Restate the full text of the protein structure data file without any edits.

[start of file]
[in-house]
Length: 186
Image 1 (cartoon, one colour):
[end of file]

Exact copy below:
[in-house]
Length: 186
Image 1 (cartoon, one colour):